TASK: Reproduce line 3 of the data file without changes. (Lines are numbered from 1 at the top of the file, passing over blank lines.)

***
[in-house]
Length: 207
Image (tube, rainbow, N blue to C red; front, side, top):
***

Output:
Image (tube, rainbow, N blue to C red; front, side, top):